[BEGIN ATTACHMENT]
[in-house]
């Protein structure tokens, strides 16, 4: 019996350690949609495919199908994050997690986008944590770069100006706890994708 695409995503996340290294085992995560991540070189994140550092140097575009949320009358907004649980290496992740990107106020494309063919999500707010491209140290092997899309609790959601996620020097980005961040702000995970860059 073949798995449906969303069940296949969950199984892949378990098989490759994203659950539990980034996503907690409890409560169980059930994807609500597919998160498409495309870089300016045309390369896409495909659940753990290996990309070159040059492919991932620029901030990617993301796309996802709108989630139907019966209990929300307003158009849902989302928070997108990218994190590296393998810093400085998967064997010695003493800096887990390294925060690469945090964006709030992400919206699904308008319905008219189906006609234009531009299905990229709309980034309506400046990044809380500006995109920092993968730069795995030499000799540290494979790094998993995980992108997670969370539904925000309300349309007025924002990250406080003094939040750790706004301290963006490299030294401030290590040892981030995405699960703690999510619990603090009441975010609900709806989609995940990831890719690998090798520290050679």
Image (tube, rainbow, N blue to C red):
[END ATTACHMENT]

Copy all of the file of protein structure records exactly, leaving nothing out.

[in-house]
């Protein structure tokens, strides 16, 4: 019996350690949609495919199908994050997690986008944590770069100006706890994708 695409995503996340290294085992995560991540070189994140550092140097575009949320009358907004649980290496992740990107106020494309063919999500707010491209140290092997899309609790959601996620020097980005961040702000995970860059 073949798995449906969303069940296949969950199984892949378990098989490759994203659950539990980034996503907690409890409560169980059930994807609500597919998160498409495309870089300016045309390369896409495909659940753990290996990309070159040059492919991932620029901030990617993301796309996802709108989630139907019966209990929300307003158009849902989302928070997108990218994190590296393998810093400085998967064997010695003493800096887990390294925060690469945090964006709030992400919206699904308008319905008219189906006609234009531009299905990229709309980034309506400046990044809380500006995109920092993968730069795995030499000799540290494979790094998993995980992108997670969370539904925000309300349309007025924002990250406080003094939040750790706004301290963006490299030294401030290590040892981030995405699960703690999510619990603090009441975010609900709806989609995940990831890719690998090798520290050679």
Image (tube, rainbow, N blue to C red):